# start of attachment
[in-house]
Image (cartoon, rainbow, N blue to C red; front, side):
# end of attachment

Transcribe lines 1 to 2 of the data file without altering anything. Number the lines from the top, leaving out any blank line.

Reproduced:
[in-house]
Image (cartoon, rainbow, N blue to C red; front, side):